Dr Gordon Clubb
- Position: Lecturer in International Security
- Areas of expertise: terrorism; de-radicalisation; former combatants; counter violent extremism
- Email: G.Clubb@leeds.ac.uk
- Phone: +44(0)113 343 1558
- Location: 13.40 Social Sciences Building
I started at the University of Leeds as Lecturer in International Security in 2014 and over this time I have taught and researched on the subjects of terrorism, conflict, international relations and security.
I am a research fellow for the German Institute for Radicalization and De-Radicalization Studies (GIRDS), through which I am currently providing training and consultation on an organisation’s de-radicalisation programme. I am also on the editorial board for the International Centre for Counter-Terrorism (The Hague) and Studies in Conflict and Terrorism journal.
My book on Terrorism and Political Violence provides an insight into the key debates within the subject area through a mix of original research and overviews of the cutting-edge state of the field.
- Co-Director for Postgraduate Research Studies
I have written extensively on the topic of de-radicalisation in terms of how it should be conceptualised, its core ontological assumptions on the causal role of ideology, and the importance of public perceptions in facilitating re-integration.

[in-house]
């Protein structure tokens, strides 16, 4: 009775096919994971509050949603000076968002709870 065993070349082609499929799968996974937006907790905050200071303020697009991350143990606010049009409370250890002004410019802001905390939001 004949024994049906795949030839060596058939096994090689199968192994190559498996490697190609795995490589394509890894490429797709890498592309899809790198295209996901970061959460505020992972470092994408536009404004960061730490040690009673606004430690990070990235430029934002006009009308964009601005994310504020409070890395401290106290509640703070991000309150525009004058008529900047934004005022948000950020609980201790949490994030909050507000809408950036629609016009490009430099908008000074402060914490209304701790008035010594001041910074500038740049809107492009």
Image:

My current research project focuses on the (public/media) perceptions of de-radicalisation re-integration programmes. I have recently written on how the media frames de-radicalisation with a view to understanding support for the intervention, specifically factors that influence support for the re-integration of programme participants. I have also researched on i) the potential role of former extremists/combatants in countering violent extremism, and ii) the causal role of ideology from a critical realist perspective.
I have also written on the role of former combatants in conflict transformation and peacebuilding in Northern Ireland. Recently, I have written a policy brief which maps out when and how formers should be used in CVE and conflict transformation interventions.
I am interested in supervising PhDs and dissertations in all of these areas, including some of the following topics:
- Peacebuilding and the role of former combatants in Northern Ireland (particularly in the context of Brexit);
- Whether former combatants and former extremists should be used in conflict transformation and/or CVE;
- Critical Realist approaches to terrorism, specifically in relation to the work of Margaret Archer;
- The conceptualisation of de-radicalisation and de-radicalisation as a discourse;
- DDR and the re-integration of programme participants, specifically from the re-integrating community side and what facilitates support for re-integration;
- De-radicalisation and CVE programmes – are they necessary, are they counter-productive, how can they be evaluated etc.
I lead the third year module on Terrorism and the MA module on the Israel-Palestine conflict.
I also teach on Theories of/International Relations, and Security Studies.
Research groups and institutes
- Centre for Global Security Challenges